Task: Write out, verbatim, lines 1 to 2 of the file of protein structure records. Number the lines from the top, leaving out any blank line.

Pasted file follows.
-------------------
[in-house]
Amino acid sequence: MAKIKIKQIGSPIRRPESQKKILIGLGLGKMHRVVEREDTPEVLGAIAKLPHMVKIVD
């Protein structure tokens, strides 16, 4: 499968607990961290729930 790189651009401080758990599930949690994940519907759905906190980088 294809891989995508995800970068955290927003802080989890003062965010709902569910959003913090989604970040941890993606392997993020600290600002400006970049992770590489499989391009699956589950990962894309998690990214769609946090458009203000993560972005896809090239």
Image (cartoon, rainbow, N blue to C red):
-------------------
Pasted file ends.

[in-house]
Amino acid sequence: MAKIKIKQIGSPIRRPESQKKILIGLGLGKMHRVVEREDTPEVLGAIAKLPHMVKIVD